Just a few months ago I traded a metal detector I had for a Tesoro Tejon with a 12×10 wide scan coil. With only a few hours on the Tejon I packed up and was off to Ohio for metal detecting and family time. I really wanted to put some time in on the Tejon and learn it in the setting I’m most comfortable with which is relic hunting. My favorite thing to do is overlay old maps and find where houses once were that is nothing but a farm field now.
I arrived in Ohio and was disappointed to find that all my fields I had researched were still in crops. I had a few backups for this and did find a field I had recently hunted had been harvested. My first day out metal detecting, a good friend of mine came to hunt with me. I had hunted this field before and pulled a few keepers out but didn’t have high hopes for it. Much of the site is under mounds of dirt and farming equipment along with a few old burn piles.
Right away Tim started finding good targets. A few civil war era buttons then a civil war store card token. I would barely start to swing and I was back to filming him. What I didn’t film is all three targets sounded great on the Tejon, he just got over the targets before I had. I did manage a nice flying eagle cent with the Tejon though.
Hot Rocks and Iron
Right from the start I found myself digging hot rocks but soon noticed they give a very distinct sound. The best way I know to explain it is an oscillating, drawn out tone. After digging several hot rocks it was obvious to me and I learned quickly to pass them up. I also learned to how to tell when I was hitting big iron. Like any other metal detector I’ve ever used bigger iron will fool a metal detector. Even with the most expensive metal detectors out on the market I’ve always found this a problem. Relic hunting I do dig a lot of iron because there are some great iron relics but I don’t want to dig them all and It is nice to know when you have iron under the coil. What I was finding with the Tejon is it will usually hit perfect one way (although sometimes the audio is clipped both ways) and the tone will be clipped when you turn 90 degrees. Time after time it would do this on bigger iron. I would say 90 percent of the time I knew for a fact I had big iron and another 5 percent of the time I was more than 50 percent sure it was iron. I found that the Tejon gave me better identification on large iron than even the most expensive metal detectors out there today.
I have been a relic hunter for many years and there are very few metal detectors I haven’t tried for relic hunting. Many well-known relic metal detectors and it wasn’t until the Outlaw that I felt I finally found the best metal detector for relic hunting. One of the things I like about Tesoro is they are so simple to use, they are great at locking on to good targets even in the heaviest iron debris areas and they are deep. One of the things I don’t miss about more expensive machines is a bunch of tones and information being thrown at you which really just over complicates matter when you’re relic hunting.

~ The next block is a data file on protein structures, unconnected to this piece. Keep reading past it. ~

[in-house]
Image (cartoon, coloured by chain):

After this trip I now have well over 20 hours on the Tejon relic hunting but the trip wasn’t nearly what I thought it would be. Everything was still in crops and there were so many fields I didn’t get to hunt. Matter of fact all I got to hunt was three sites that had been hunted really hard before. The Tejon didn’t let me down though I still managed several finds including some great horse shoes, a few musket balls and several bits of copper, pewter and lead and of course the flying eagle cent.
I was able to use the Tejon in some of the really iron infested areas where I never suspected I would be able to which was really impressive to me considering I only have the 10×12 coil for it at this time. When it got to trashy I would switch to the Outlaw with the 8 inch coil. The Tejon was very easy for me to learn and one of the things I loved about it even over the Outlaw was discriminated targets that would cause an audio target were clipped and quieter than good targets. The outlaw on the other hand the discriminated targets that would cause an audio sound would usually have to be investigated for a moment before realizing it wasn’t a good target. This allowed me to work through the site quicker with the Tejon.
I quickly fell in love with the Tejon and with a smaller coil for the heavy iron debris I have to say it will be my relic machine of choice even beating out the Outlaw. Don’t misunderstand me, I still love my Outlaw and could never get rid of it but the Tejon is powerful, goes deep and was easy to learn. To me, the biggest advantage with the Tejon over the Outlaw was it’s ability to handle targets a little better and to clip rejected targets and they gave a quieter audio response. I still feel like I have the two best relic machines out there and these simple, single tone machines never stop amazing me of just what they are capable of!
Tesoro Tejon Pro’s
- Simple to learn and use
- Doesn’t feed me a bunch of information I don’t need
- Hits good targets hard, locks on them
- Deep and sensitive to even small targets
Tesoro Tejon Con’s
Headphone jack – I have this complaint with all Tesoro metal detectors. Being left handed the cord lays across the shaft and is often in my way. I would love to see the jack at the back of the detector.